Clinical and Laboratory Evaluation 751 Staging

Disease stage is a powerful prognostic factor in neu-roblastoma (Table 7.5). In 1988 an international staging proposal was developed, which was further refined in 1993 (Brodeur et al. 1993). The INSS has been readily accepted worldwide; therefore, other staging systems that were used to determine extent of disease in the past, such as the Evans' staging system, the Pediatric Oncology Group staging system, and the TMN system, are not discussed in this chapter (Evans et al. 1971; Castleberry et al. 1994; Ng and Kingston 1993). The INSS is a surgical-based staging system (Table 7.6), although modern imaging tools together with the estimation of an experienced pediatric surgeon is likely to achieve the same stage category in almost all cases. The criterion "crossing the midline" for discriminating between stage 2 and stage 3 is described as the infiltrative contiguous extension beyond the opposite side of the vertebral bodies. Characteristically, these tumors encompass large vessels and other vital structures. A tumor just overhanging the midline (e.g., large adrenal tumors) would not be sufficient for stage-3 categorization.

Although it was anticipated that the introduction of new sensitive diagnostic techniques (e.g., of MIBG scintigraphy and immunocytology or PCR for

Table 7.5. International Neuroblastoma Staging System (INSS) (Brodeur et al. 1993)

Stage Definition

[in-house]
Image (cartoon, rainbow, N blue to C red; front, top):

Stage 1 Localized tumor confined to the area of origin. Complete gross resection with or without microscopic residual disease; identifiable ipsilateral and contralateral lymph node negative for tumor. Adherent lymph nodes in direct continuity with and removed with the tumor may be positive for the tumor. A grossly resected midline tumor without ipsilateral (with: stage 2A) or contralateral (with: stage 2B) lymph node involvement is considered stage 1

Stage 2A Unilateral with incomplete gross resection; identifiable ipsilateral and contralateral lymph node negative for tumor

Stage 2B Unilateral with complete or incomplete gross resection; with ipsilateral lymph node positive for tumor; identifiable contralateral lymph node negative for tumor

Stage 3 Tumor infiltrating across midline with or without regional lymph node involvement; or unilateral tumor with contralateral lymph node involvement or midline tumor with bilateral lymph node involvement

Stage 4 Dissemination of tumor to distant lymph nodes, bone marrow, liver, or other organs except as defined in stage 4S

Stage 4S Localized primary tumor as defined for stage 1 or 2 with dissemination limited to liver, skin, and bone marrow (<10% of nucleated marrow cells are tumor cells)

Table 7.6. Variation of the relative stage incidence under and over 1 year of age in Japan (J; Ikeda et al. 2002),Germany (G) and United Kingdom (UK;Pearson and Philipp 2000),and North America (NA)

INSS stage

All ages

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